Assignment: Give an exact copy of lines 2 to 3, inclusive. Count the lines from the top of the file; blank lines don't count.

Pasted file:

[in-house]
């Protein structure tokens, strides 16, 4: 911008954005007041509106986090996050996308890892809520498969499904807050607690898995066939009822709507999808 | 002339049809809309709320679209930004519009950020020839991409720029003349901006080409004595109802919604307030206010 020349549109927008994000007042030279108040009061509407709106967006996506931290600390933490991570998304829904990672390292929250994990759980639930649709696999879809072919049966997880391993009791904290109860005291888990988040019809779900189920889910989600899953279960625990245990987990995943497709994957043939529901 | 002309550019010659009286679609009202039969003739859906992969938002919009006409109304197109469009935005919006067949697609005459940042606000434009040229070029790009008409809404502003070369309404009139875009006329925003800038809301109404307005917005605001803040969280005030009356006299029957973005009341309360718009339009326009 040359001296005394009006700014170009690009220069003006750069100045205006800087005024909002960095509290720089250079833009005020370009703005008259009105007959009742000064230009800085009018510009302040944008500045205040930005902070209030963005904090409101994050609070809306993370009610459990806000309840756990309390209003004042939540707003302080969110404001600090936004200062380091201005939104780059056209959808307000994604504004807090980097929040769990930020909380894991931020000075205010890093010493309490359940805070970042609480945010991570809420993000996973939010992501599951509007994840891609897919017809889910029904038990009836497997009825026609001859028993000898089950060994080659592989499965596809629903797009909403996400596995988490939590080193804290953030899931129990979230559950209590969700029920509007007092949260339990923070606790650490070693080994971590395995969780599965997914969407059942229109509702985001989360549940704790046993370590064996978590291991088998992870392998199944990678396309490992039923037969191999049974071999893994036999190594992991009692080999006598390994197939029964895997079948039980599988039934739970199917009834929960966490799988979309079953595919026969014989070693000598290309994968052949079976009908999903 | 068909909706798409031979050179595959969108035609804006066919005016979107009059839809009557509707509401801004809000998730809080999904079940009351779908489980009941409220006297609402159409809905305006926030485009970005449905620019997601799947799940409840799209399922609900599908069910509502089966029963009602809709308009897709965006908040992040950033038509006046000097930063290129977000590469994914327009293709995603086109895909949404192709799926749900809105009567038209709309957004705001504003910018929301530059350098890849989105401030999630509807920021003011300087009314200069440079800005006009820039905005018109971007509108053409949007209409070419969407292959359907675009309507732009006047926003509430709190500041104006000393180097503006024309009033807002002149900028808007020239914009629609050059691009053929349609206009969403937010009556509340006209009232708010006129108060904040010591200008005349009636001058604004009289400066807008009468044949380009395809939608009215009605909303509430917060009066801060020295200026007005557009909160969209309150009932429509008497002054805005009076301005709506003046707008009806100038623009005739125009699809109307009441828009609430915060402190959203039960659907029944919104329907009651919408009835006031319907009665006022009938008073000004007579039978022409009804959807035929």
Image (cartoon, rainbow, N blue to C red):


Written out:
């Protein structure tokens, strides 16, 4: 911008954005007041509106986090996050996308890892809520498969499904807050607690898995066939009822709507999808 | 002339049809809309709320679209930004519009950020020839991409720029003349901006080409004595109802919604307030206010 020349549109927008994000007042030279108040009061509407709106967006996506931290600390933490991570998304829904990672390292929250994990759980639930649709696999879809072919049966997880391993009791904290109860005291888990988040019809779900189920889910989600899953279960625990245990987990995943497709994957043939529901 | 002309550019010659009286679609009202039969003739859906992969938002919009006409109304197109469009935005919006067949697609005459940042606000434009040229070029790009008409809404502003070369309404009139875009006329925003800038809301109404307005917005605001803040969280005030009356006299029957973005009341309360718009339009326009 040359001296005394009006700014170009690009220069003006750069100045205006800087005024909002960095509290720089250079833009005020370009703005008259009105007959009742000064230009800085009018510009302040944008500045205040930005902070209030963005904090409101994050609070809306993370009610459990806000309840756990309390209003004042939540707003302080969110404001600090936004200062380091201005939104780059056209959808307000994604504004807090980097929040769990930020909380894991931020000075205010890093010493309490359940805070970042609480945010991570809420993000996973939010992501599951509007994840891609897919017809889910029904038990009836497997009825026609001859028993000898089950060994080659592989499965596809629903797009909403996400596995988490939590080193804290953030899931129990979230559950209590969700029920509007007092949260339990923070606790650490070693080994971590395995969780599965997914969407059942229109509702985001989360549940704790046993370590064996978590291991088998992870392998199944990678396309490992039923037969191999049974071999893994036999190594992991009692080999006598390994197939029964895997079948039980599988039934739970199917009834929960966490799988979309079953595919026969014989070693000598290309994968052949079976009908999903 | 068909909706798409031979050179595959969108035609804006066919005016979107009059839809009557509707509401801004809000998730809080999904079940009351779908489980009941409220006297609402159409809905305006926030485009970005449905620019997601799947799940409840799209399922609900599908069910509502089966029963009602809709308009897709965006908040992040950033038509006046000097930063290129977000590469994914327009293709995603086109895909949404192709799926749900809105009567038209709309957004705001504003910018929301530059350098890849989105401030999630509807920021003011300087009314200069440079800005006009820039905005018109971007509108053409949007209409070419969407292959359907675009309507732009006047926003509430709190500041104006000393180097503006024309009033807002002149900028808007020239914009629609050059691009053929349609206009969403937010009556509340006209009232708010006129108060904040010591200008005349009636001058604004009289400066807008009468044949380009395809939608009215009605909303509430917060009066801060020295200026007005557009909160969209309150009932429509008497002054805005009076301005709506003046707008009806100038623009005739125009699809109307009441828009609430915060402190959203039960659907029944919104329907009651919408009835006031319907009665006022009938008073000004007579039978022409009804959807035929």
Image (cartoon, rainbow, N blue to C red):